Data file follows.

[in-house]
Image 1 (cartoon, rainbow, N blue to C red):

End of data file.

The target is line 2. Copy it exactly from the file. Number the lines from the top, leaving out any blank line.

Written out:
Image 1 (cartoon, rainbow, N blue to C red):